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Make sure you understand the Capital Gains Tax implications before you scrap an old company asset or you could lose a valuable tax deduction

by , 28 January 2015
When an asset gets so old, it doesn't work anymore, you can scrap it.

Now many business owners just assume that scrapping an asset means there's no Capital Gains Tax (CGT).

But this isn't always the case. Depending on your specific situation, you might still have to pay CGT.

To get this right, make sure you understand these CGT implications so you can deal with the loss correctly and claim a tax deduction on it ...


Here are the Capital Gains Tax implications of scrapping an asset

If the asset was a depreciable asset, then you can use the scrapping allowance. If so, you won't have any Capital Gains Tax implications and you can't claim it as a capital loss.
But if it wasn't a depreciable asset, it's a capital loss. This loss is easy to calculate (proceeds – zero – minus the base cost). You can claim this capital loss against your capital gains for the year.
So how do you work out if it's a depreciable asset or not?
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Here's how to work out if an asset is depreciable or not

To work out if your asset depreciates, work out it's current value. It the current value is less than the base cost you originally paid for it, it depreciated.
But non-depreciable assets are ones you use and disposed of in the same taxable year. We say these are non-depreciable because you don't use them long enough for them to depreciate over time. Here you throw the asset away when it's no longer useful.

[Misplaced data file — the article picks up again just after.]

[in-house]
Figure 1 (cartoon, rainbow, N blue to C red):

For example, if you run a hotel, the hangers are a non-depreciable asset because they break so quickly.
It's really that simple. 
But if you're scrapping a depreciable asset, you need o be aware of this one important point.

Be careful of this one important point when you scrap a depreciable asset

Be aware of scrapping an asset that still has value. According to David van Niekerk, Editor-in-Chief of the Practical Tax Loose Leaf Service, SARS might treat the market value of this asset as the proceeds. After all, why would someone throw away an asset if it still had a value? It might think you're trying to avoid tax! 
There you have it. The golden rule is to determine whether the asset is depreciable or not to find out if there are CGT implications.
If you have any questions, just ask the experts on the AccountingandTaxClub.co.za. You can also check out the Practical Tax Loose Leaf Service for more information on Capital Gains Tax and scrapping an asset. 

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